As is common in most other major U.S. metropolitan areas, Bay Area highways are susceptible to traffic jams and bottlenecks. But thankfully, both San Francisco and Oakland rank high for walking, biking, and public transportation, a factor that helps increase a city’s livability and desirability and in turn drives real estate demand.
WalkScore, an online service that ranks cities and neighborhoods based on amenities within a quarter-mile distance from homes, rates San Francisco as the third most walkable city in the U.S. of the 141 included in its rankings, with an overall score of 83.9 of a possible 100. According to the company, San Francisco is the highest-rated West Coast city for walkability.
Oakland ranked as the 11th most walkable city in the country, with a score of 68.5, and is the third-highest-rated city on the West Coast, behind Seattle.
The three San Francisco neighborhoods with the highest walkability scores are all located in the city’s densely packed northeastern corner: Chinatown (100), the Financial District (99), and Downtown (99). In Oakland, the three most walkable neighborhoods are found in the central part of the city: Civic Center (98), Chinatown (97), and Downtown (97).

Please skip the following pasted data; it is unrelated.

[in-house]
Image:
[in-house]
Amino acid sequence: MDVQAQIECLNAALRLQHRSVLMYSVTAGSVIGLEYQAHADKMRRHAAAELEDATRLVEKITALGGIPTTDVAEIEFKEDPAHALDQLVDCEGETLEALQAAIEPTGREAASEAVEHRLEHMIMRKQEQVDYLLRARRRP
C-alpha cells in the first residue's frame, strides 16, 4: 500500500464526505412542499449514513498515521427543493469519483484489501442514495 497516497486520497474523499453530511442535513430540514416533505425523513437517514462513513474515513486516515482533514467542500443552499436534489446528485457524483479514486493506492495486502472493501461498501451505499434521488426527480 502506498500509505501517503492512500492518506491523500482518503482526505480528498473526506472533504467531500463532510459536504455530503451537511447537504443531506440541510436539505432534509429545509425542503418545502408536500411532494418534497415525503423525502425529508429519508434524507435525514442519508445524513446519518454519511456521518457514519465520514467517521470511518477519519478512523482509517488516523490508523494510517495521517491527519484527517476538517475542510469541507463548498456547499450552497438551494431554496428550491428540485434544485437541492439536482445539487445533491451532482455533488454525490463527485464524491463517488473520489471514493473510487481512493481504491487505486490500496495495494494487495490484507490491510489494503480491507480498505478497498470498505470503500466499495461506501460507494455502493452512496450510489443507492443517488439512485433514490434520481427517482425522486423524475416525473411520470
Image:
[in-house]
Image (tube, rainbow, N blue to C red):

Walk Score also calls San Francisco the third most bike-friendly city in the U.S., with a Bike Score of 70. Since the company’s scoring methodology accounts for terrain, San Francisco’s most bike-friendly neighborhoods are ones that lack the city’s famed hills: South of Market (96), the Mission, (94), and Yerba Buena (93).
In terms of access to public transportation, San Francisco ranks No. 2 in the U.S., with a score of 80.5., slightly behind New York City. Six San Francisco neighborhoods received perfect Transit Scores as calculated by the company: Chinatown, the Financial District, Downtown, the Tenderloin, Yerba Buena, and South Beach.
Walk Score rates Oakland’s access to public transportation as the nation’s 13th best, giving the city a Transit Score of 54.3. Not surprisingly, Oakland’s top three neighborhoods for public transportation lie within close proximity of one of the city’s two downtown BART stations.
(Photo: Flickr/Mohamed Yahya)